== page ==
Faulty pacemaker Lead

I have had my pacemaker since 28 January 2008.  I have been told one of my leads is faulty.  Five weeks ago My bp was put down to 40.  My appointment this week. when testing my pacemaker they gave me  two shocks ie they paced my heart which gave me chest pain.  I was told to come back in three months unless I get this pain again.  They don’t want to do anything yet as up to two years of battery Left.  They told me they would leave the faulty lead in situ and put a new one in beside it Should I be worried?


8 Comments

Faulty lead

by AgentX86 - 2019-09-01 19:28:47

Leaving the defective lead in place and inserting a new one is the norm.  Removing leads is tricky stuff and not to be done unless absolutely necessary.  However, if I'm understanding you correctly, they don't want to do snything for you, at all, because you have two years left on your battery?  That's just nuts! Blame your NHS for that one.  I'd never put up with that here. I'd be dead, so I guess one way or another I wouldn't out up with it.

I've been hearing more and more, lately, about the delay in getting help for Afib and the rationing of ablations and of EP services, in general. No thanks.

Faulty lead

by Tessy - 2019-09-01 19:53:25

Thanks for your reply Agent86.  I will take on board what you’ve said.  I will phone hospital this week and tell them of my cincers

Concern. !

by Tessy - 2019-09-01 19:56:54

Sorry spelling mistakešŸ˜³

malfunctioning lead

by sheilaw - 2019-09-02 03:38:53

Had faulty lead after 1 year.  Replaced immediately.....

All is good now.

Faulty lead

by Tessy - 2019-09-02 04:01:38

Thanks for your response Sheilaw . From what I understand a faulty lead can be replaced with no problem in the first couple of years.  After that fibrous tissue grows around the lead which makes it difficult to remove.  My worry is that I was not referred to a doctor or cardiologist .   I was told to come back if I feel any pain. 

I've been there

by Tracey_E - 2019-09-03 17:42:58

I also had a faulty lead. It still worked but they had to program around it so it used up a lot more juice (think window open with the AC running, the house cools but the power bill goes up) so it used up the battery faster than expected. As long as it's working,there's no rush to replace it until the box needs replaced also. I also had room in the vein, so they capped off the old one, added the new one. That was 10 years ago. My other original lead is still going strong.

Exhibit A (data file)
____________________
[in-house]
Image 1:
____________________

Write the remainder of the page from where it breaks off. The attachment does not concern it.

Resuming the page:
Some doctors prefer to extract and start fresh rather than add a new lead. If the leads aren't that old, it may be the better way to go. I was given the choice. My leads are very old, from 1994, so extraction would be complicated for me, and my hope is that if I can keep these leads for a while longer that my next set will be my last and that by waiting technology will get better and my risk during extraction will be lower. I'm 52 now. 

It sounds like you have about two years to research extraction so you can have an informed discussion with your doctor about the best way to proceed. My one doctor was leaning toward extraction but when I told him my reasons for waiting, he agreed with me. I changed ep's since then and my new one said that absolutely waiting was best. Ask 5 doctors, get 5 answers, so it pays to do your homework. 

FAULTY LEAD - (Ive been there)

by Tessy - 2019-09-06 06:39:01

Thank you Tracey-E for your response.  Lot of food for thought.  I was concerned that my BPM have been put down to 40 from 60,  but I seem to be functioning ok.  Having two leads in one vein also troubled me.  You have had yours for 10 years so it obviously is fine to do that.  I am older than you so I think extraction after nearly 11 years would be risky.   I am been checked every three months now instead of annually, plus Harefield Hospital is just two miles away if I have any problems.  I need to relax.

 

Thanks for your reassuring reply.

extraction risk

by Tracey_E - 2019-09-11 09:41:15

Extraction for me isn't risky because of my age, it's risky because of the age of my leads, their placement, and the scar tissue around them. Eleven year old leads isn't old at all, as far as leads go. Lead extraction is highly specialized and to be taken seriously, but it's not generally considered risky anymore. Just make sure the person doing it is highly specialized, preferably doing 100+ per year.

Some people can fit 4, maybe even 5 leads in the vein. Older leads are bigger than newer ones and our veins vary. When we were deciding what to do with mine, they did a venogram, an iv with dye in the cath lab, so the ep could see exactly how much room I had. 

If it's still pacing and they are checking more often, it may be like mine was with ruptured insulation. It worked right up until the day it was replaced, but they had to keep adjusting the settings so it was getting the signal through. If they thought you were at risk of it not pacing, you'd be scheduled for surgery by now. 

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